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25 Aug, 2022 10:35

EU branded ‘third world’ economy

The reason for this is sanctions imposed on Russia over the conflict in Ukraine, a senior contributor to Forbes magazine claims
EU branded ‘third world’ economy

The fallout of the sanctions imposed on Russia over the conflict in Ukraine has turned the European Union into “the third world of the Western world economies,” a senior contributor to Forbes magazine has claimed.

“These days, the European stock market is the worst in the Western world,” under-performing the US by ten basis points, Kenneth Rapoza pointed out in his article on Tuesday.

“The most significant headwind” for such a state of affairs has been the “Russian sanctions on energy as punishment for its war with Ukraine,” Rapoza insisted. Those restrictions “set off a massive commodity price spike that’s hurt the European economy the most,” he added.

The author advised investors against putting their money into the bloc, at least until Brussels figures out how to compensate for the massive reduction in energy supply from Russia, and how to mitigate the harmful impact of its own sanctions.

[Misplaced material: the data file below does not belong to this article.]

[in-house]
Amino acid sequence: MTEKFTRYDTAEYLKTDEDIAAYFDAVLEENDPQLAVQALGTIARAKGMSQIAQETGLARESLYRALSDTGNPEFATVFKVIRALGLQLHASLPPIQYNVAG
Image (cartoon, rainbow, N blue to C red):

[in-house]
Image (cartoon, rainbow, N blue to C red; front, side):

If there’s no ceasefire in Ukraine soon, chances are that “Europe becomes so desperate this winter and supply chains so stretched that it has no choice but to relax some sanctions or convince non-EU partners to relabel and transship Russian commodities to look in [compliance] with their own rules, but really doing an end-around,” he wrote.

Until some solution is provided, Europe will remain “the third world of the Western world economies,” Rapoza stressed, saying that this was how one investor on Twitter had recently described the situation on the continent to him.

The author also asked Vladimir Signorelli – the head of US-based consulting firm Bretton Woods Research – to comment. 

“They’re certainly heading that way,” Signorelli acknowledged. “And you have the Greens still opposing nuclear in Germany. I just don’t understand them. They are on the fast track to a third-world energy program.”

Only China is now “worse as an investment” than the EU, Rapoza claimed, citing Beijing’s “heated political fight” with Washington, internal struggle within the Chinese political elites and the country’s harsh Covid-19 curbs.